Class 9: DBQ Project Showcase / Sites for Social Studies / Fishbowl Continues

1950s analog computer

This class continued in our 3rd session of Lesson Studies Fishbowls, but added a tech focus.

The class showcased and offered feedback on our student-designed DBQs at Learnist>
More on DBQ Design assignment

  1. Red Scare DBQ by Christina Steiner & Kristi Convissor
  2. The Vietnam War by Samuel TS Kelley
  3. Visions of Freedom: The American Revolution by CRSoderberg
  4. Media and War: An Analysis of Vietnam War Propaganda by Damian Wierzbicki
  5. Cross-Cultural Contact Between Native American Residents and European Conquerors by Tom Malone
  6. Propaganda of the American Suffrage Movement c. 1910-1920 by Heather Treanor and Cory Cassanova
  7. Anne Frank: A Timeless Story by Erin Deatherage
  8. Images and Emotion – WWII Propaganda Posters by Aram Glick
  9. The Irish Revolutionary Period by Peter Gallagher
  10. The Power of Propaganda by Kyle Stephens

Peter shared a few of his favorite websites for students applying analytic thinking to history and social studies. They included:

Sources for historic content:

Image Credit:
1950s Analog Computer : Consolidated/Convair Aircraft Factory San Diego
San Diego Air and Space Museum Archive Archives No.: 10-000861

7 Replies to “Class 9: DBQ Project Showcase / Sites for Social Studies / Fishbowl Continues”

  1. I enjoyed using Learnist. If anything, it’s a helpful cache of lessons to fall back on in the future. I know that I would like to teach a lesson on the Irish War of Independence, and Learnist provides a useful tool to use in the future. However, the format of Learnist does not lend itself easily to a stand-alone lesson. Rather, it provides the backdrop for a more in-depth and exhaustive lesson, a backdrop student can visualize and access from home. The aesthetics could be improved on the site, such as the use of a full screen document viewer, and more interactive visual presentations.

    1. I’m with you, Peter. Learnist is a good idea, but they have a ways to go in terms of developing a user-friendly and aesthetically pleasing experience. Developing our lessons was fun though, and I could see myself using this in some capacity down the road.

      In terms of class activities, critiquing each others’ boards was useful. I definitely took away a couple things from the comments people left and by simply looking at the boards folks put together.

      It was another productive evening in the basement.

  2. As mentioned before, I am very impressed with the fish bowl idea. I had, what I believed to be, a very strong and comprehensive lesson made up, however after pitching it to the class a number of fellow students gave me some ideas that I had never even considered. I can only see the effectiveness of my lesson going up because of this.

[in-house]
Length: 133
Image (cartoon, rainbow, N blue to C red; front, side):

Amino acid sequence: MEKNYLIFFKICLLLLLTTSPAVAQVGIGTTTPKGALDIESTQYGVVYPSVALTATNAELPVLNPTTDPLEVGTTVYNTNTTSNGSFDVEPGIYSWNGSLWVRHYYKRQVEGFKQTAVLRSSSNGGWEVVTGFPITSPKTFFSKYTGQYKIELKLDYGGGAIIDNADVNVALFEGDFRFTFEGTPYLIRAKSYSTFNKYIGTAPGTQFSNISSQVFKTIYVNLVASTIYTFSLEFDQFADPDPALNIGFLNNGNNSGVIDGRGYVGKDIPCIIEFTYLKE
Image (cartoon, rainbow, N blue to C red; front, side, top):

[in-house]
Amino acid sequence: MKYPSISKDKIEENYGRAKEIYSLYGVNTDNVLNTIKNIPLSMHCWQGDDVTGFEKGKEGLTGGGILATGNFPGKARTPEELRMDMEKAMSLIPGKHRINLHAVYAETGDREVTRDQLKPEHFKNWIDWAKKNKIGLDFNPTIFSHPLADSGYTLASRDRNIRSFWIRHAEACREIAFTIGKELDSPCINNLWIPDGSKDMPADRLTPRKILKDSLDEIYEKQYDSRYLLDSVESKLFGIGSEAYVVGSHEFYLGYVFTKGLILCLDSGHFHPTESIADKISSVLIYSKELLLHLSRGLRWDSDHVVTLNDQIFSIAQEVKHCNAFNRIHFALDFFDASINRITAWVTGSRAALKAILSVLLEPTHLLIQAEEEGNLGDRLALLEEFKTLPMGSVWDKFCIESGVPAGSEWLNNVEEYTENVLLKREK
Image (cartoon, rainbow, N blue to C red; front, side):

As for Learnist, I think it was a very cool idea, and I really enjoyed reading through some of the lessons that the other students created. I also like how we were given some time in class to comment, so we could talk to the author face to face. While looking at their boards were fun, I feel as though too much time was put aside for us to comment. I felt that maybe we would have required maybe half the time that we were given and even then that might have been pushing it.

  3. I am so happy I finally got to be part of the fishbowl! I picked a lesson that I knew needed to be developed more because I wanted input from my classmates. I think I got some good suggestions on how to make it less political and how to deter angry phone calls from parents. I definitely want to implement those in my lesson when it comes time to teach it.
    As for Learnist, I liked seeing others’ boards. I liked seeing how others were forming their follow-up questions and receiving help from my classmates. I think it is a cool site that I will use once I am a teacher, especially if my school is technologically savvy (fingers crossed!).

  4. I enjoyed looking at each others’ DBQs – I thought it was very helpful to just go through everyone’s to see what they had done and how it was different (or the same) to the DBQ I collaborated on. It was also interesting to see the different ways that other students used Learnist to get different outcomes. I’ll admit, however, that I don’t think I’ll be using this in my classroom anytime soon. It’s just a little bit too clunky for me, and I think that there are other ways that students can create DBQs that are a whole lot easier.

    The most interesting part of the class, though, was seeing the Google sites on words and data. I could definitely see myself using one of these sites to enhance student learning of a historical event or trend. I even went home and played around with these programs some more – just for fun!

  5. It was very interesting to see how everyone used Learnist for their DBQs. After browsing several of the projects, it became clear that people viewed the website in different ways. Now that I have finished my project with Learnist, it is hard to imagine using it in the classroom. Personally, there are just not enough formatting or board layout options to make the site useful for me. Whenever I use technology, the more that I can personalize my project the better. That being said, I see some potential in this approach. Maybe I just have to rethink my own design to better integrate this into a classroom.

  6. OK – so Learnist wasn’t a hit. Technology is just a tool support the lesson. We used Learnist as a way to curate, annotate and deliver a DBQ. Plus a place to offer comments on each other’s work.

    But the purpose of the lesson was to design a DBQ. Hence the title of the assignment – “DBQ Design.” Nice to see your thoughts on Learnist, but does anyone care to comment on the opportunities and challenges of designing a DBQ?

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